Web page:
Dr. Jonathan Camp
Office: Sherrod Building 214
Address: ACU Box 28156, Abilene, TX 79699
Phone: (325) 674-2191
Fax: (325) 674-6966
Q & A with Dr. Jonathan Camp
Originally from: I grew up right on the western edge of Amarillo, within sight of the infamous Cadillac ranch, with the aroma of the Wildorado feedlot wafting through my bedroom window.
Why you do what you do and why at ACU: I am at ACU because I think this university is at the leading edge of exploring new intersections of Christianity and Culture. I regard myself as a “secular Christian.” This means that I seek and expect to discover God’s work in this world, which requires that I not withdraw from the world, but instead be meaningfully engaged with it. ACU allows the intellectual freedom to explore what Christ-centered engagement with the world looks like. Not only that, but ACU also provides me with a community of fellow travelers.
What you expect from students: Come with an open mind for learning. If a student comes to the university with her or his mind already made up about [fill in the blank], then learning is not really possible. I call this “the Fortress of Certainty.” In that case, I view my role as one who asks the kinds of questions that gently chip away at the foundations. I think more growth in faith comes as a result of asking honest questions, rather than holding fast to untested answers. So, I expect my students to come with an open mind. And to laugh at my jokes.
What you want to give your students: A vision to make the world a better place without taking themselves, or me, too seriously.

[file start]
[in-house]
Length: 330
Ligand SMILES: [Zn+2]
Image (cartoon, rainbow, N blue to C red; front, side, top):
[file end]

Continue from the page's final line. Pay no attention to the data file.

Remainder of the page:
Personal: My wife is Brenna Camp, who is a counselor and the most insightful and caring person I know. We are the parents of two boys, Ben and Will. Stories about my boys often find their way into my lessons on organizational power imbalances.
Interests outside of classroom: Most weekends and evenings you’ll find me outside in my garden, or grilling free range meat in the backyard, or inside reading narrative nonfiction, or walking my lab Ruger, or wrestling with my kids on the floor, or vegging out to "The Office", or building something, or playing in my country/folk band “The Invasive Species.”
We are members of Highland Church of Christ, involved with the Front Porch class and a small group. We also like to attend Heavenly Rest whenever we get a chance, especially during Advent/Christmas.
I spend as much time in Northern New Mexico as possible, especially during the Abilene heat.
Research interests: I’m interested in research that translates theory into action to advance justice and alleviate human suffering. I practice qualitative research from the critical tradition, which means that I seek to elicit the perspectives of marginalized people in ways that challenge the status quo.
My dissertation research focused on protecting human rights in medical research in Latin America, where I spent over a month interviewing parents of children with cancer in San Salvador. I’m still active in publishing out of that research.
A more recent research interest focuses on the Locavore Movement. Locavores are people who are committed to eating locally produced food as an alternative to an otherwise unsustainable and unhealthy industrial food system. I’m also the faculty advisor for a new club on campus, “The ACU Locavore Club.” One of our goals is to establish a community garden on campus.
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